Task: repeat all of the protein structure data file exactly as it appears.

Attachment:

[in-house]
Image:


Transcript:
[in-house]
Image: